Basically, I don't agree with a lot of what he says, but I often find myself loving the way he says it.
posted by quin at 9:26 AM on May 21, 2009 [1 favorite]


Richard Hammond getting brain damage in a jet car and Clarkeson and co having a good old laugh about it
posted by Artw at 9:32 AM on May 21, 2009


Oh, they know cars. Just not the electric parts of cars.

Fun Fact: Ozzy Osbourne's first job was for Lucas Electrical, the biblically, or perhaps in this case Satanically, terrible manufacturer of those legendarily awful electric parts of cars. He claims he only tuned the car horns, but put the pieces together. Ozzy + manufacturing = nothing wholesome.
posted by DecemberBoy at 9:56 AM on May 21, 2009


Richard Hammond getting brain damage in a jet car and Clarkeson and co having a good old laugh about it

If you don't understand what's going on in that clip, you need to watch more Top Gear.
posted by smackfu at 10:08 AM on May 21, 2009


Electric funeral!
posted by Artw at 10:08 AM on May 21, 2009


Hey, I come not to condemn the Richard Hammond getting brain damage in a jet car and Clarkeson and co having a good old laugh about it, but to praise it!
posted by Artw at 10:10 AM on May 21, 2009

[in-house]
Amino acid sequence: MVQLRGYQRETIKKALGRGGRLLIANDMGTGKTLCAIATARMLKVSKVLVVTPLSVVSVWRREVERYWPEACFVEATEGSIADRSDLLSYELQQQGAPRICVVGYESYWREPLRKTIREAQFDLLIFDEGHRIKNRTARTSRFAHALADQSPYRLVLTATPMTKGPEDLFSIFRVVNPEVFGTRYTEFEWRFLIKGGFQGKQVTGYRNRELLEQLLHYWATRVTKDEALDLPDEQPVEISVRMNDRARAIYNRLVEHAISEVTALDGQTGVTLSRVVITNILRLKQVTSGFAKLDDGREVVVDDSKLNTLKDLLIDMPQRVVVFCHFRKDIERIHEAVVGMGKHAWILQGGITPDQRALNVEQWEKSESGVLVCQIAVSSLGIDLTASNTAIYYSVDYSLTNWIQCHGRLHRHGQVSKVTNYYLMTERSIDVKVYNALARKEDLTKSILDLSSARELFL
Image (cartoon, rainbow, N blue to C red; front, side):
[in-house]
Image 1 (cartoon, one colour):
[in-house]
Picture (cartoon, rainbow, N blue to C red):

If I recall correctly, the BBC wanted to pull all the video of the Hammond's crash and bury it, but he pushed back and got them to let him show it on Top Gear. So all the joking at his expense was almost certainly mostly his own idea.

The entire dynamic of the show is predicated on them being awful to one another, but it's pretty clear that off set, they all get along really well. I know that right after the crash I was reading about how Clarkson and James May were besides themselves with worry about his health.

Of course, I'm on the wrong side of the pond, so all my information is typically third or fourth hand.
posted by quin at 10:27 AM on May 21, 2009


>>We need a new Manhattan Project, a MeFi Project, possibly, that builds a car that will run on snark.

>Computer keyboards that use some of the energy from physical keystrokes and convert them to electricity sent back to the grid to charge electric cars. The resistance in the keyboards could probably double


Even better you could have variable resistance keyboards so the more overexcited people get in typing their replies, the more energy generated.

Then those guys in charge of regulating the power grid, instead of turning on & off huge hydroelectric power plants and the like, would spend their time regulating the relative trollishness of their comments to MeFi.